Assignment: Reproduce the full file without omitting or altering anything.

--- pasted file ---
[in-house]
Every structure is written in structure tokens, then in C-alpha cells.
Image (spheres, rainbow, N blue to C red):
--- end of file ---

[in-house]
Every structure is written in structure tokens, then in C-alpha cells.
Image (spheres, rainbow, N blue to C red):